Many trial attorneys are known for their captivating tales of courtroom skirmishes and edge-of-seat verdicts. They enjoy spinning a good yarn about a last-minute revelation in a murder trial or an outrageous testimony in a divorce case.
But Hugh Sharber suspected he was better suited to a business practice early in his search for a place in the hallowed corridors of the law.
“I realized some people are naturally combative and want the give and take of litigation, but personality wise, I liked the idea of finding a win-win,” Sharber says. “Business negotiations can be combative, too, but for the most part, if you do your job correctly, both parties will get what they want, so I gravitated toward that.”
That choice did not disqualify Sharber from storytelling sessions with his fellow attorneys. Rather, after 35 years of a diverse business law practice at Miller & Martin in Chattanooga, he has amassed a collection of tales that suggest transaction attorneys experience their own brand of twists and turns while working with clients.
Sharber, 61, rewinds his memory to the 1990s, when he helped to represent a consumer products company that was experiencing high yields.
To reward its shareholders, the company did a leveraged recap, a transaction in which a business borrows a large sum of money and then distributes it to its shareholders, who retain ownership of the company.
Sharber says a leveraged recap can be a dicey move, but it can also be substantially rewarding for the shareholders of a profitable business. Shortly thereafter, however, the company suffered an unforeseen hiccup.
“The financial advisers for this company had said the leveraged recap was a way of having your cake and eating it, too,” Sharber says. “But what did your mother tell you about having your cake and eating it, too? It’s not possible.”
To wriggle out of the dilemma, the company asked Sharber and his colleagues to help with a high-yield debt offer, another novel transaction he has rarely seen used.
“I didn’t know of anyone in Chattanooga who had done one, and I don’t know of anyone here who’s done one since,” Sharber notes. “But it was another risky maneuver.”
This time, however, the company’s gamble paid off, Sharber says. After raising capital, disposing of some “recalcitrant shareholders” and sustaining control of the business, the company was able to purchase more brands, grow its business and become a tremendous success.
The experience taught Sharber there’s no such thing as a risk-free move in the business world. “You have to either account for the unknowns or be creative enough that you have the means to deal with them if they happen.”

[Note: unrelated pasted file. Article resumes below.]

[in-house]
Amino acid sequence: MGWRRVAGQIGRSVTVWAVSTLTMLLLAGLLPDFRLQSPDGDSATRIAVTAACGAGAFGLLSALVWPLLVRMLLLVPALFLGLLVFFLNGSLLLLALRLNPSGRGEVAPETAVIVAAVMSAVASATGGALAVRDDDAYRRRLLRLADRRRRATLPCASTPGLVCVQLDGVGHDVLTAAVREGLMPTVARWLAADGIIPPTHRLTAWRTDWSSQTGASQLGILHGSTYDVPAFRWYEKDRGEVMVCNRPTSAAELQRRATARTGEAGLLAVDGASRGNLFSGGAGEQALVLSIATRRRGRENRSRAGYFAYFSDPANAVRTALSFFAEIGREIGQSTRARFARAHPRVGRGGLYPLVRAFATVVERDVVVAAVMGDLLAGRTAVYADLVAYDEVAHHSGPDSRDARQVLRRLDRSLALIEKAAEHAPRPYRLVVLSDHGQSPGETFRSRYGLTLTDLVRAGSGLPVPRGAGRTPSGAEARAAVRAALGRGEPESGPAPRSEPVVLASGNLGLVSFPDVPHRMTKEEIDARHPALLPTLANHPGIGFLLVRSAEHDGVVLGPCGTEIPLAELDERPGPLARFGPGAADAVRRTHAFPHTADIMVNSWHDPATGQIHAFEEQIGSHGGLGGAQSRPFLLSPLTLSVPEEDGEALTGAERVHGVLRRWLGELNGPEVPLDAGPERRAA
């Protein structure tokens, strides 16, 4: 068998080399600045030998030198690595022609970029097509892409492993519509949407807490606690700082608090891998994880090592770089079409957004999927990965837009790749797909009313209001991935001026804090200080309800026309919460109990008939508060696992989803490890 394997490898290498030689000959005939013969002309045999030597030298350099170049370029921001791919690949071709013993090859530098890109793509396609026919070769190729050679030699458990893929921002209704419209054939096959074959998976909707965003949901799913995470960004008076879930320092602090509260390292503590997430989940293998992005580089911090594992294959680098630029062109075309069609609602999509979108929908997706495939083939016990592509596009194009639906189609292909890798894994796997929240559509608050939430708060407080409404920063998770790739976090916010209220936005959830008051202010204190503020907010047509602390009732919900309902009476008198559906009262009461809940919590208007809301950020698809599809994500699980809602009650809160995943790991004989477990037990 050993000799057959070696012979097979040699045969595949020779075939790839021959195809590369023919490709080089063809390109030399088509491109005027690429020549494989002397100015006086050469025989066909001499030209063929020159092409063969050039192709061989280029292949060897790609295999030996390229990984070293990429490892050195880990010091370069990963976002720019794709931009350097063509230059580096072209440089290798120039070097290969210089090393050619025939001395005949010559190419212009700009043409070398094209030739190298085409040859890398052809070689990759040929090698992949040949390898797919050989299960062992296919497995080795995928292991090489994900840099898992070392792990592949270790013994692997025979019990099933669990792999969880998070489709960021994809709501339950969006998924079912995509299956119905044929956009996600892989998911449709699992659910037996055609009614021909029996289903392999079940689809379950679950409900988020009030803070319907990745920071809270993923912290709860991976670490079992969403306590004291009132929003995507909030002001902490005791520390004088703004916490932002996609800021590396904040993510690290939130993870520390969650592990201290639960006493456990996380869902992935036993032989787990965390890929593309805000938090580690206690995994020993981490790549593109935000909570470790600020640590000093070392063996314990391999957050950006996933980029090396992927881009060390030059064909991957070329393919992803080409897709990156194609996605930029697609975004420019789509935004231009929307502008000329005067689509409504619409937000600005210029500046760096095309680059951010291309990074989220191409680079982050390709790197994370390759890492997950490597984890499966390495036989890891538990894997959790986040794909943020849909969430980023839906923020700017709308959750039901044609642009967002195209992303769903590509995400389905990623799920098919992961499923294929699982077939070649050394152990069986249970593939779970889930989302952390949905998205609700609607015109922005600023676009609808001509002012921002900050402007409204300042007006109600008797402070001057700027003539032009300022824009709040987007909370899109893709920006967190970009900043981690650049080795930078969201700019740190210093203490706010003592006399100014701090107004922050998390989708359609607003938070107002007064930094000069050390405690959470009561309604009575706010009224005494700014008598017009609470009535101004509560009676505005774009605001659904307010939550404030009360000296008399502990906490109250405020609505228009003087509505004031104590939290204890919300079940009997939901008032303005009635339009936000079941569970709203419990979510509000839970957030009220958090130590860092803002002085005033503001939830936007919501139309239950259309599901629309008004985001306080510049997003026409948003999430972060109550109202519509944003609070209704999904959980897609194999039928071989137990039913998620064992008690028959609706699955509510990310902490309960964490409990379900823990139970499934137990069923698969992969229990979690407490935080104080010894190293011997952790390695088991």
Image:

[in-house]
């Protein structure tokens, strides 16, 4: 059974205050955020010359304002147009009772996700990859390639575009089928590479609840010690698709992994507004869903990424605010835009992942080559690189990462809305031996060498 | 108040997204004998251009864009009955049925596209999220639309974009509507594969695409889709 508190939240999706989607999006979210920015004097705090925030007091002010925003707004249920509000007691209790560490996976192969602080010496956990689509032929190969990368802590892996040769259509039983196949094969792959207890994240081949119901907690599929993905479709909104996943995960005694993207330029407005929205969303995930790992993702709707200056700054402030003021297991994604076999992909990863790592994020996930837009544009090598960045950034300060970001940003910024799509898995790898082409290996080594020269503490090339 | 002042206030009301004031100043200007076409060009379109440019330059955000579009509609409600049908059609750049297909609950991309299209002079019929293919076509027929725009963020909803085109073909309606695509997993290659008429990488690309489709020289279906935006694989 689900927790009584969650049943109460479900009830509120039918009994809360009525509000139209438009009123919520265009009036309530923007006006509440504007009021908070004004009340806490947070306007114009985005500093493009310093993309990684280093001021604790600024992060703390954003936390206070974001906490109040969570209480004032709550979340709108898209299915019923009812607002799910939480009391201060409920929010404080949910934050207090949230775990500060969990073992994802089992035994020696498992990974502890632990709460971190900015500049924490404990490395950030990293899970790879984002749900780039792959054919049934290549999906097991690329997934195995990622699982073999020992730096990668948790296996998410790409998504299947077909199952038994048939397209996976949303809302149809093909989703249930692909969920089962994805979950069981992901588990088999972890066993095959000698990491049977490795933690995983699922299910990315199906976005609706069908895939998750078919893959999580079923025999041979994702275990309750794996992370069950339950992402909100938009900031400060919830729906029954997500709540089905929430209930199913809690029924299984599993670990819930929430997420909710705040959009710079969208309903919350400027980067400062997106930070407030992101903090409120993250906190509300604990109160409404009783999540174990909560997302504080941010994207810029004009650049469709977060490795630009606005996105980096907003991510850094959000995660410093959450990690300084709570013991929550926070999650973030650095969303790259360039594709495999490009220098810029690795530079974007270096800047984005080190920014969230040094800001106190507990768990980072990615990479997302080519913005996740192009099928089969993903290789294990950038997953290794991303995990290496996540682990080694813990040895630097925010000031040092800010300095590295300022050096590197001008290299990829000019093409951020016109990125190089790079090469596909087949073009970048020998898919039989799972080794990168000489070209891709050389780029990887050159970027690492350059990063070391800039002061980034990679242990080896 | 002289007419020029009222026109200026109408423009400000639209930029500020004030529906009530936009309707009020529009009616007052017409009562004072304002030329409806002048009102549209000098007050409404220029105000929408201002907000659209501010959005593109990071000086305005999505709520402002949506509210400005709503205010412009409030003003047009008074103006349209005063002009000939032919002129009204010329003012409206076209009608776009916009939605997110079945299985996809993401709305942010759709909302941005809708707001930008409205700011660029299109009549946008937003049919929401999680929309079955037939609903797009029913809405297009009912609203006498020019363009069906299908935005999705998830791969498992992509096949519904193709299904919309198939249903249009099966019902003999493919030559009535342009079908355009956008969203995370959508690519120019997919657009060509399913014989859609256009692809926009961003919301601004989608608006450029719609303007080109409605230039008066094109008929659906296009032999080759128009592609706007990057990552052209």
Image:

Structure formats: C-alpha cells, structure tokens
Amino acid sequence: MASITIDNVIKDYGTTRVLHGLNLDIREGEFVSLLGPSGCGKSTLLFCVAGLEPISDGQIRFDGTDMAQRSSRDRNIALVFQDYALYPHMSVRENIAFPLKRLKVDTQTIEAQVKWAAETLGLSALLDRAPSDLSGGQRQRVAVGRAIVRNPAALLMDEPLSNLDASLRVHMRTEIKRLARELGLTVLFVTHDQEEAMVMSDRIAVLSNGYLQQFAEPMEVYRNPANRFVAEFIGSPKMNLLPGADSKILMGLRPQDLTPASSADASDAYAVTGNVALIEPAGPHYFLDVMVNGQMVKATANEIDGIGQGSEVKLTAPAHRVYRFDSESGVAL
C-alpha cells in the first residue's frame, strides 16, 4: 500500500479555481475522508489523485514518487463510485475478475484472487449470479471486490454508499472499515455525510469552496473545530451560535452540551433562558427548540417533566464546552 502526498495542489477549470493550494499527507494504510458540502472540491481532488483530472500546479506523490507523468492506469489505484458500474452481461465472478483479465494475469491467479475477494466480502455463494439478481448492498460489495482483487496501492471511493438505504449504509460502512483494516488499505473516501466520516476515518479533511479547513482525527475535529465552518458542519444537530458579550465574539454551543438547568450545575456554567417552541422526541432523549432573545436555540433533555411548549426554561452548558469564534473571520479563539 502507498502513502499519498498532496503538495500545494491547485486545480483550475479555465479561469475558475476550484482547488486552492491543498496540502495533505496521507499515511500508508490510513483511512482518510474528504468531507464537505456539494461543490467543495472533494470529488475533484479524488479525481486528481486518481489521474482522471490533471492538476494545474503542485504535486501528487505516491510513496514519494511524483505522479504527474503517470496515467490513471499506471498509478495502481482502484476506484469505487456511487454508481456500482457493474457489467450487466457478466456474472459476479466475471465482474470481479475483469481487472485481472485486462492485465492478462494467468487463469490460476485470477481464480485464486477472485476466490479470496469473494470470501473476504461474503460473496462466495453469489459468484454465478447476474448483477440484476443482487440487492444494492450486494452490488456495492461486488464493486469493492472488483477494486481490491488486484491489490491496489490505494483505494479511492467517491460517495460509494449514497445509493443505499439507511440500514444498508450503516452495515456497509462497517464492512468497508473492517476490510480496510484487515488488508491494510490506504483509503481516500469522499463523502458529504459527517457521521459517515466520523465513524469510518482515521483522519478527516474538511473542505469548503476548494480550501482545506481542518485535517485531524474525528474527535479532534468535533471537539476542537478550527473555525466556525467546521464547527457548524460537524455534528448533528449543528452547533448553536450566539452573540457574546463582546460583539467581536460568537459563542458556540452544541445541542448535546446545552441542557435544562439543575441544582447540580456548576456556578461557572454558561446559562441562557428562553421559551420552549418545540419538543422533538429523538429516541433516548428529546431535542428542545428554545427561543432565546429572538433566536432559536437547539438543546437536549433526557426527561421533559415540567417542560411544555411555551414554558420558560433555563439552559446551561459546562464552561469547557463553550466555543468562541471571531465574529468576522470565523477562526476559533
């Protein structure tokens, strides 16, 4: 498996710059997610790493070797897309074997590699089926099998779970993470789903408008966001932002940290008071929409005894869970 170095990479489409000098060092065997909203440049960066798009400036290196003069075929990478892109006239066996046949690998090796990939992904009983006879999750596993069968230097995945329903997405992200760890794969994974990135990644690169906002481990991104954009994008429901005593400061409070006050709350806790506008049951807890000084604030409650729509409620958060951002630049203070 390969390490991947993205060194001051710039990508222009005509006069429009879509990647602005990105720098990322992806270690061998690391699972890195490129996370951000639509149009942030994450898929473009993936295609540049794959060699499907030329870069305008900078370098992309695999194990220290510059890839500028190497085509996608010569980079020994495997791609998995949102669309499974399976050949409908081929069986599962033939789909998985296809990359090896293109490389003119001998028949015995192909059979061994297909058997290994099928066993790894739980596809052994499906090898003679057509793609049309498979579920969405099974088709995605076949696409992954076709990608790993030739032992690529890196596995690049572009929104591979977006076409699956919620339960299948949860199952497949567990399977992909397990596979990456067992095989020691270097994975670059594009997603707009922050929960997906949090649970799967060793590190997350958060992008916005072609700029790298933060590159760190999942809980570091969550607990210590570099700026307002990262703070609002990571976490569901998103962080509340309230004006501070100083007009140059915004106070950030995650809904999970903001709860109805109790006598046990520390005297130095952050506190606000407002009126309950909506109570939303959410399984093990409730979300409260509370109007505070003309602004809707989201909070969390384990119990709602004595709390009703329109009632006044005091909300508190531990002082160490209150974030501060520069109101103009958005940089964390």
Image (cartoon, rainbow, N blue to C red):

Having told one illuminating tale, Sharber shares another that happened on the cusp of the Great Recession in 2008, when he was representing an entrepreneur who had developed a successful incentive and gift solutions business.
“He had built his business to a point where he felt like it was time to sell it,” Sharber recalls. “We had negotiated a binding agreement and were within weeks of closing when Lehman Brothers failed in September.
“The private equity firms that were buying his business came back with a weak rationale to purchase it for less money. It was still a handsome price, though, so he accepted the reduction.”
A few weeks later, on the eve of closing, the buyers asked Sharber’s client to slice another $5 million off the purchase price. Unlike the first change in the offering, they didn’t even bother with the pretense of a reason.
“I wanted to tell them to pound sand because there was no rationale for it,” Sharber continues. “But my client said it was still a handsome price, and there was some uncertainty in the economy, so he accepted the lower offer and we completed the sale.”
Looking back, Sharber is relieved he checked his instincts and did what his client wanted.
“Had we not done the deal at that time, it would have been several years before a sale in that price range could have been completed because of the dip in the market,” he asserts. “So, accepting the buyer’s price and pushing through to complete a sale is sometimes the correct thing to do.”
Over the years, Sharber has developed a business law practice focused on three areas, including mergers and acquisitions, capital-raising transactions and providing counsel on the legal aspects of business decisions.
The mergers and acquisitions component of Sharber’s practice has placed him within the sphere of major national and international companies. For example, in 2006, he helped a client acquire a selection of consumer product brands that became available during the merger of Johnson & Johnson and Pfizer.
“The Federal Trade Commission said the companies had to divest some of their consumer product brands in order to complete the merger, so they held an auction,” Sharber says. “Our client really wanted these businesses and viewed them as a way of catapulting forward in terms of size and access to markets.”
Although the financial worth of the brands gave Sharber pause, he knew the true value of the deal was found in the other ways the brands would impact the buyer’s business.
“I learned that holding your ground and doing the things we as attorneys typically advise clients to do was secondary to doing what was necessary to be the successful bidder,” he says. “So, we gave up some things we would normally want to include because it made our bid more favorable.”
Being a part of buying and selling companies has also exposed Sharber to one of the most difficult outcomes of a business deal: Seeing employees lose their jobs when a company changes hands.